Ok – wierd title to a blog about disabilities, but hopefully catchy. Stay with me – it will make sense soon.
Today, I met with a great group of ladies at a nearby elementary school. My daughter, a middle schooler who happens to have Down syndrome, is involved in an after school program there where she is a teacher’s helper. I am a big proponent of – educate, educate, educate, so I like adults and kids who interact with my daughter to be able to ask questions and put a face to her support at home. We had a nice conversation and I am thankful for this wonderful program, that will provide my daughter more opportunities in the future than most of her peers. She is doing well, and the teacher has my cell number and the ok to ask me ANYTHING. We are set.
As I was walking out of the school, I met up with a dear friend of mine who works there. She plays a very important part in my daughter’s story because she was the first person to push for inclusion of my daughter – at my church. Every Sunday, I would sit outside in the gathering space with my little one, too afraid to take her to the nursery. My friend walked up to me one day and asked me if we would be willing to let her group (my friend manned the church nursery) care for my daughter, thereby allowing my husband and me to worship together. No denying we needed it at this time in our journey. Bingo – done! My first glance at inclusion.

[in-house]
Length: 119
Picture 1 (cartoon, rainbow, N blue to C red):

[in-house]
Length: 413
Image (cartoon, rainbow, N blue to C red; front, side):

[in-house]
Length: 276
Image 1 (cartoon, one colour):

She reads my blog and we started to talk about some of the things I had written about, and it occurred to me, how we seem to “lump” people in to groups. And when I say “we”, I mean “me” too. I know I’m guilty. I guess everyone is. We have a bad experience with a school, and then all schools are bad. A parent gets snippy with a teacher, and we are all bad parents. All kids with disabilities have the same issues, problems and solutions so we lump them together as a group. As I walked away from our discussion, I thought to myself, the biggest problem with “lumping” people into groups, is that it begins to formulate a “group think” mentality.
All parents are bad, all schools are bad, all teachers are bad, preschool is bad, public schools are bad – one side against the other. The list can go on and on. So often, when we experience or witness the worst, we often end up assigning a label to this “lump”, and this ultimately becomes part of society’s opinion about the lump. I know in the disability world, we tend to lump all kids with special needs into worse case scenarios. We think up the worst situation, and apply the solution to the whole lump of kids. IEP’s and case conferences simply enforce this thinking. “I’ve got to cover every possibility in case…” – more lumps – more group think.
Good things are going to happen, bad things are going to happen – we know this is true no matter the abilities our child has been given. When we get into sensitive subjects like disabilities, unfortunately, it gets difficult to have those discussions that clear the air, and bring light to the truth. We go into our corners, bruised and hurt, and out comes a lump.
So I put it out there to you…. What are you doing to eliminate the lumps? Who do you need to forgive? A teacher? A parent? A school administrator? Can you give a gift of trust to someone who has let you down once before? Can you break the ice and begin a new conversation, one that doesn’t involve note taking? If we can’t rid ourselves of all the lumps within our own house, how can we ever expect to change the group think mentality that exists about our loved ones in society?…… What are you willing to do to smooth over the lumps?